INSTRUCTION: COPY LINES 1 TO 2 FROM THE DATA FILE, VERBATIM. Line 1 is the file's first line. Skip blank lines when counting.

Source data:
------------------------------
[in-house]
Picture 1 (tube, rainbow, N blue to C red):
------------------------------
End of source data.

[in-house]
Picture 1 (tube, rainbow, N blue to C red):